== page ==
"Shock and awe" citations

Dave Wilton dave at WILTON.NET
Sun Mar 23 05:34:29 UTC 2003

>    Some of those 1996 and later citations mentioned the Gulf
> War, but no, I didn't find it before the 1996 book.  People
> did use the phrase (non-military use), however, before 1996.
> For example:

I would imagine that the three-word combination "shock and awe" has appeared
on numerous occasions, but it's not the same thing as the military term.

The text of the Ullman & Wade book is on the web,

Ullman & Wade don't credit anyone else with the phrase. The phrase is
capitalized throughout, "Shock and Awe." Also, the first time the phrase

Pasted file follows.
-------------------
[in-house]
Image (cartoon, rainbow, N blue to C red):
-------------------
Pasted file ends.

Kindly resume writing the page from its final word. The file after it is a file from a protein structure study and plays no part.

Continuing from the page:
appears in the introduction, it is in quotation marks, "the principal
mechanism for achieving this dominance is through imposing sufficient
conditions of 'Shock and Awe' on the adversary to convince or compel it to
accept our strategic aims and military objectives." This leads me to think
it's original to the authors.

I've seen various claims attributing the phrase to Clausewitz, but as far as
I can tell he never used the term. Clausewitz does refer to "shock" quite
often and the Ullman and Wade book is very Clausewitzian, but he doesn't use
the term in combination with "awe." Like "fog of war," this is another
phrase attributed to Clausewitz that he never used.

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